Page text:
Even though their hospital is close to an international airport identified as a likely entry point for travelers from West African countries with Ebola, physicians at Jamaica Hospital Medical Center in Queens, NY, did not know as much as they should have about the virus, a study shows.
Physicians at Jamaica Hospital Medical Center in Queens, NY work at a facility that is a short drive from JFK International Airport. A team of physicians there was curious to see how much staff knew about Ebola, given the likelihood of visitors from the Ebola hot zone who could be infected with the virus winding up in their emergency room.
Their findings, presented May 17 during a poster session at the 2015 America Thoracic Society annual meeting in Denver, CO, show “suboptimal” knowledge about the virus, Mohammad Aldaas, MD, and colleagues reported.
The questionnaire, given to 104 physicians at the community hospital, was based on facts culled from the websites of the US Centers for Disease Control and Prevention and the World Health Organization.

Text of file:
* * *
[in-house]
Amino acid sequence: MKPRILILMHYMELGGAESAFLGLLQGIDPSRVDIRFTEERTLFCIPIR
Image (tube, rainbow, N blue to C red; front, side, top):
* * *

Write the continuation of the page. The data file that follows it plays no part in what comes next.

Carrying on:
According to the study, the overall percentage of correct answers to such questions as whether mosquitoes can serve as a vector of transmission (they cannot) was 61%.
The physicians did well on knowing the names of the 3 African countries where the epidemic was centered at the time the quiz was given, October 2014. They also scored high on identifying the main way of transmission (body fluids) and the fact that corpses of victims are reservoirs of viral infection.
But scores on other questions were lower.
Only 39% knew that the virus cannot be transmitted from asymptomatic patients, for instance and 23% were wrong about the mosquito being a transmission vector.
“We recommend more education for physicians to increase knowledge and to achieve proper degree of preparation for this disease,” the team wrote.